Thursday , February 29 2024
If you do a lot with image color correction, then PhotoTune 2 is a good addition to your tool box.

Software Review – Adobe Photoshop Plug-in PhotoTune 2 From onOne Software

PhotoTune 2 is a product whose goal is to allow you to do color correction in Photoshop without having to learn complex controls. It is really two separate programs that target different methods of correcting color.

First there is ColorTune that uses a six step process to correct the color in your digital photos. Essentially what ColorTune does is present you with two images, side by side as shown below. You choose which one looks the best and then you select it and you move on to your next choice until you complete all six steps.

By using this six step process, it makes it very easy for anyone to use PhotoTune 2 and come out with better looking images without having to know a whole lot about Camera Raw and curves manipulation. It works kind of like an eye exam in which you are presented the images and you make adjustments (or you can use the default changes and just select the image that looks best) until one of them looks good to you. You select the image and then you move to your next correction. You work through tone, brightness, and color temperature until it looks right to you.

The next module of PhotoTune 2 is SkinTune which focuses on skin tones. The SkinTune portion works in a similar way except that when you open your image, you are asked to select a skin tone and a racial type, Caucasian, Asian, African, etc. Then you select a skin tone, and it auto corrects based on a bunch of calculations. See the second image below.

What is needed to run PhotoTune 2? On Mac you need OSX 10.4.8 or higher with either Power PC or Intel Processor. On Windows you need XP SP2 or later. And then you need Photoshop CS2, CS3, or Photoshop Elements 4 or later. 512 MB ram, 150 MB disk space, and Adobe Flash Player 9 for tutorial movies.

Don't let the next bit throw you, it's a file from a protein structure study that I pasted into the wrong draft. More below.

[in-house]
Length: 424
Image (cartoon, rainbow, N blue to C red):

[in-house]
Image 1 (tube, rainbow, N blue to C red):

So what is new with version 2 (actually this review is based on version 2.2) of PhotoTune?

• Six Step Approach – takes the color wizard down from 13 steps to just 6 steps. It now takes less time to auto correct your images.

• User Control in the Color Wizard – now lets you set the amount of each change during each step in the 6 step process. You can now adjust the dynamic range, brightness, contrast, saturation, and the shadows and highlights.

• 16-bit compatibility – lets you open 16-bit images as well as 8-bit images. You can open your Raw camera images in Photoshop and color correct them using either the ColorTune or SkinTune modules within PhotoTune 2

• Improved Adjustment Algorithms – have been refined for better color results as well as 8-bit and 16-bit adjustments that share the same equations so results will match.

• More Snapshots – allows you to record up to 4 snapshots in the Fine-Tune Panel so that you can compare multiple versions of your digital Photos. There are additional snapshot management features as well.

• Support for Photoshop Selections – will allow you to target a color correction to only a specific area in your digital photo. You make a selection in Photoshop and then enter the PhotoTune 2 plug-in and any corrections will only be made to that selection.

I found that PhotoTune 2 is very easy to install and use. It gave surprisingly good results. The available resources via the help and the video tutorials make this easy to learn as well. I also liked the fact that you could go into Fine-Tune panel to take more control over your image correction

 The one thing that I did not like was when I clicked on the Fine-Tune button from the six step approach, I was taken to the Fine-Tune panel but there was no way to go back without totally resetting. I assumed that clicking cancel would take me back and I was taken out of PhotoTune 2 and deposited back in Photoshop. I was not told my changes would be lost, I was just back there. I tried a number of times to see how to get out of the Fine-Tune panel, but found none short of restarting. This is not something that would prohibit me from buying PhotoTune 2, but it is something to be aware of and it can be really annoying.

Other than that I found that PhotoTune 2 works really well and gives quality results. It works with Layers, Actions, and Smart Objects. In my opinion you may still need to do some tweaking to the image, but I like the fact that they give you that control as well. I think that if you work with color correction; especially in mixed lighting situations, then PhotoTune 2 would be a good addition to your tool box.

About T. Michael Testi

Photographer, writer, software engineer, educator, and maker of fine images.

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